ASCO GU 2018: Current Practice Patterns Surrounding Fertility Concerns in Stage I Seminoma Patients: Survey of United States Radiation Oncologists

San Francisco, CA ( Carl Post and colleagues presented results of their survey of US radiation oncologists with regards to their current practice patterns surrounding fertility concerns for stage I seminoma patients. Indeed, patients with testicular seminoma may face fertility issues because of their underlying disease as well as treatments they undergo. The current patterns of practice among US radiation oncologists aimed at assessing and preserving fertility in patients with stage I seminoma are unknown, thus forming the objective of the current study. The author’s hypothesis was that US radiation oncologists have embraced observation as the first-choice option for stage I seminoma patients.

The authors surveyed practicing US radiation oncologists who are members of ASTRO via an online two-minute, 25 question assessment. Respondents’ characteristics, and perceived patient infertility rates were analyzed for association with treatment recommendations. Among 6,967 surveys, the authors received 353 responses (5.1%), among which 23% consider themselves experts in this disease space. The majority (84%) of respondents recommend observation as a default strategy. Roughly half of radiation oncologists routinely advised fertility assessment for patients prior to observation or chemotherapy, and 74% routinely did so prior to adjuvant radiotherapy. Eighty-three percent of respondents felt that 10-30% of patients are infertile following orchiectomy. When treating patients, 80% routinely use clamshell scrotal shielding. Responders with higher perceived infertility rates were more likely to recommend fertility assessment/sperm banking, and those who routinely advised fertility assessment were more likely to use clamshell shielding during treatment. A limitation of this study is the low survey response rate (5%).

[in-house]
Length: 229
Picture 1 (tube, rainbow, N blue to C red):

The authors concluded that results of their survey of practicing radiation oncologists in the US revealed a gap in the knowledge of fertility issues in men with stage 1 testicular seminoma and frequency of patient education and fertility counseling. Encouragingly, most radiation oncologists responding to the survey recommend surveillance in the stage I seminoma setting, given that many patients will never relapse and avoid potentially toxic therapy [1].

Presented by: Carl M Post, BS University of Nebraska Medical Center, Omaha, NE

Co-Authors: Aditya Jain, Catherine Degnin, Yiyi Chen, Michael Ellis Craycraft, Arthur Hung, Jerry Jeff Jaboin, Charles R. Thomas, Timur Mitin; University of Nebraska Medical Center, Omaha, NE; Oregon Health & Science University, Portland, OR; Testicular Cancer Society, Cincinnati, OH; Oregon Health and Science University, Portland, OR

Written by: Zachary Klaassen, MD, Urologic Oncology Fellow, University of Toronto, Princess Margaret Cancer Centre, @zklaassen_md at the 2018 American Society of Clinical Oncology Genitourinary (ASCO GU) Cancers Symposium, February 8-10, 2018 - San Francisco, CA


1. Nayan M, Jewett MA, Hosni A, et al. Conditional risk of relapse in surveillance for clinical stage I testicular cancer. Eur Urol 2017;71(1):120-127.